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Talking Agronomy with Sam Patchett: Cold weather has really done our oilseed rape crops a favour


Some decent cold weather has really done our oilseed rape crops a favour, shrinking their canopies noticeably as we move into mid-February.

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Even so, green area indices (GAI) across all varieties in our Brotherton iFarm plots are a good 2 or more. Once again the most effective early canopy management looks like being vital for success.


This is underlined by our research into the reasons for disappointingly average 2014 yields from some of the best looking, pod-rich crops of recent years. While winter water-logging and light leaf spot (LLS) infections undoubtedly played their part, our investigations show excessive pod numbers were almost certainly the main culprit in most cases.


Yes, more pods have historically been equated with better performance. But we know seeds/sq.m peak at about 6,000-8,000 pods/sq.m. Yet our assessments reveal many big-canopied crops had almost double this number of pods last season. Taking this on-board, our key priority has to be smaller, more open crops with less flower cover. So we’ll have to be particularly careful with both our early nitrogen and plant growth regulation.


N-min sampling shows all but one of our nine northern iFarms have higher levels of available nitrogen in their OSR soils than this time last year. And we know from their GAIs many of our crops already have a good amount of N in their canopies. This means they’ll need proportionately less early applied N for the optimum 3.5 GAI canopy at flowering.


However, they will still need a good early application of sulphur, posing a dilemma for those using compound fertilisers. For the second year in a row this underlines the value of sulphur provided separately from N, either as polysulphate or kieserite – although generally high levels of Mg from magnesium carbonate liming over many years in our area means we need to be cautious with the latter.


We’ll need to put a lot of emphasis on early plant growth regulation for our OSR too – especially for crops with GAIs of 2 or more. This season we’re able to take advantage of the newly-available specialist PGR, paclobutrazol, which looks like being a valuable improvement on metconazole in this role. However, everyone will need to be conscious of the product’s following crop restrictions – including three years for potatoes.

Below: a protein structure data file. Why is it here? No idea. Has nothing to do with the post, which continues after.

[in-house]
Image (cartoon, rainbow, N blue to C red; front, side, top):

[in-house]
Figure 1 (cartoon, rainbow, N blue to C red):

For the greatest effect on forward crops we’ll be going in with our plant growth regulation as early as we can rather than waiting until green or yellow bud. Where LLS is evident despite good early winter control, we’ll be including prothioconazole in the mix or using tebuconazole + prochloraz and, with soil sampling showing low levels of both micronutrients, adding molybdenum and boron in most cases.


In the past two seasons, we’ve escaped relatively unscathed in terms of pollen beetle. And, if winter doesn’t have a major sting in its tail, our forward crops are likely to come into flower fast and early, minimising our risk once again. Knowing how much damage the pest can do and with pyrethroid resistance at the forefront of our minds, we’ll be taking action wherever thresholds are reached.


Just like our OSR, most of our winter wheats look like coming into the spring in encouraging shape. The late-January/early February cold has been equally valuable for them, although there’s still more than enough septoria about for comfort.


Met Office records show the winter remains noticeably warmer than the 30-year average up here and, more importantly, continues to be more like last year and 2012 than the low disease season of 2013. So we’ll need to be spot on with our spraying.


Our fungicide strategy will be based on different modes of action, with multi-site protectants a core element to counter the triazole shift and protect the SDHIs. We’ll be including at least one SDHI in most of our programmes and doing everything we can to get timings spot on.


Seeing just how much yield can be lost from relatively minor weather or workload-enforced T1 or T2 spraying delays, we’ll be using a timely T0 in most cases to give us the insurance we need in this respect. The average 0.75 tonnes/hectare T0 response we saw across our trials last year underlines just how important the right start is to securing the yields which will give us the lowest possible production cost per tonne.


  • Sam Patchett is an Agrii agronomist based in Yorkshire. He provides agronomy, crop nutrition and seed services to clients growing cereals, oilseed rape, maize and fodder beet across West and South Yorkshire and also helps run Agrii’s Brotherton R&D site near Selby.
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